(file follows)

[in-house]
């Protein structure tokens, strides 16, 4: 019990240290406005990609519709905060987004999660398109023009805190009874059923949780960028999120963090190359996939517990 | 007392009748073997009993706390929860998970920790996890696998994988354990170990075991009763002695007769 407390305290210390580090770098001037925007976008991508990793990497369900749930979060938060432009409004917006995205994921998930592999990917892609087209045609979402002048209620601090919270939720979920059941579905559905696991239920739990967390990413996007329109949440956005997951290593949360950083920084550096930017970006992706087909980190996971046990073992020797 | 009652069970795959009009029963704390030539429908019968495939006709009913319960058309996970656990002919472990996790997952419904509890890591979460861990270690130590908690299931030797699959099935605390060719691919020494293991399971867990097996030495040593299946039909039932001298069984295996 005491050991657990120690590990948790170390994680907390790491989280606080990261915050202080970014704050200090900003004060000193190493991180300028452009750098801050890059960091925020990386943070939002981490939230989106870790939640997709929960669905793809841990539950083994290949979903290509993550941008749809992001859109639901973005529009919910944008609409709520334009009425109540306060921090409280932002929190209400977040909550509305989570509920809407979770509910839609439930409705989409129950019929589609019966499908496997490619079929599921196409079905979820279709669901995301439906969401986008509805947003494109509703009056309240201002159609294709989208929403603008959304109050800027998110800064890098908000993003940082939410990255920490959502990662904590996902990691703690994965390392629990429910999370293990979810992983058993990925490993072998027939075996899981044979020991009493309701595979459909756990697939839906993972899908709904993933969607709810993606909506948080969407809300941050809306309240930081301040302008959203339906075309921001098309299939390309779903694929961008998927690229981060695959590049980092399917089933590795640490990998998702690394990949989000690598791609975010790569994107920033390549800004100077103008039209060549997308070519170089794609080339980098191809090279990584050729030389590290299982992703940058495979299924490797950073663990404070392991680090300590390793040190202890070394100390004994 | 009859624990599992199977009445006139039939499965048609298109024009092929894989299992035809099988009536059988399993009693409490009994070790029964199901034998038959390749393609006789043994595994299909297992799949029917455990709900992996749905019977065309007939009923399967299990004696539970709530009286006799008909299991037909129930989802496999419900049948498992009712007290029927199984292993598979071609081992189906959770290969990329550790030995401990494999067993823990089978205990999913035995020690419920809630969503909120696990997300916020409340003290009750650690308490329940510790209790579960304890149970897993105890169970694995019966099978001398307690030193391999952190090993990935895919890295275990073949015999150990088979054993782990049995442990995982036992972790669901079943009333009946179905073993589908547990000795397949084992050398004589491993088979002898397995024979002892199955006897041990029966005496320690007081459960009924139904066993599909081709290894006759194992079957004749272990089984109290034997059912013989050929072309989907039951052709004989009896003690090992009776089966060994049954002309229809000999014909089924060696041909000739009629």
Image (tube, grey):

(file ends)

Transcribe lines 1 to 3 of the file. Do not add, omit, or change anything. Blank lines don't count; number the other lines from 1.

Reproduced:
[in-house]
């Protein structure tokens, strides 16, 4: 019990240290406005990609519709905060987004999660398109023009805190009874059923949780960028999120963090190359996939517990 | 007392009748073997009993706390929860998970920790996890696998994988354990170990075991009763002695007769 407390305290210390580090770098001037925007976008991508990793990497369900749930979060938060432009409004917006995205994921998930592999990917892609087209045609979402002048209620601090919270939720979920059941579905559905696991239920739990967390990413996007329109949440956005997951290593949360950083920084550096930017970006992706087909980190996971046990073992020797 | 009652069970795959009009029963704390030539429908019968495939006709009913319960058309996970656990002919472990996790997952419904509890890591979460861990270690130590908690299931030797699959099935605390060719691919020494293991399971867990097996030495040593299946039909039932001298069984295996 005491050991657990120690590990948790170390994680907390790491989280606080990261915050202080970014704050200090900003004060000193190493991180300028452009750098801050890059960091925020990386943070939002981490939230989106870790939640997709929960669905793809841990539950083994290949979903290509993550941008749809992001859109639901973005529009919910944008609409709520334009009425109540306060921090409280932002929190209400977040909550509305989570509920809407979770509910839609439930409705989409129950019929589609019966499908496997490619079929599921196409079905979820279709669901995301439906969401986008509805947003494109509703009056309240201002159609294709989208929403603008959304109050800027998110800064890098908000993003940082939410990255920490959502990662904590996902990691703690994965390392629990429910999370293990979810992983058993990925490993072998027939075996899981044979020991009493309701595979459909756990697939839906993972899908709904993933969607709810993606909506948080969407809300941050809306309240930081301040302008959203339906075309921001098309299939390309779903694929961008998927690229981060695959590049980092399917089933590795640490990998998702690394990949989000690598791609975010790569994107920033390549800004100077103008039209060549997308070519170089794609080339980098191809090279990584050729030389590290299982992703940058495979299924490797950073663990404070392991680090300590390793040190202890070394100390004994 | 009859624990599992199977009445006139039939499965048609298109024009092929894989299992035809099988009536059988399993009693409490009994070790029964199901034998038959390749393609006789043994595994299909297992799949029917455990709900992996749905019977065309007939009923399967299990004696539970709530009286006799008909299991037909129930989802496999419900049948498992009712007290029927199984292993598979071609081992189906959770290969990329550790030995401990494999067993823990089978205990999913035995020690419920809630969503909120696990997300916020409340003290009750650690308490329940510790209790579960304890149970897993105890169970694995019966099978001398307690030193391999952190090993990935895919890295275990073949015999150990088979054993782990049995442990995982036992972790669901079943009333009946179905073993589908547990000795397949084992050398004589491993088979002898397995024979002892199955006897041990029966005496320690007081459960009924139904066993599909081709290894006759194992079957004749272990089984109290034997059912013989050929072309989907039951052709004989009896003690090992009776089966060994049954002309229809000999014909089924060696041909000739009629």
Image (tube, grey):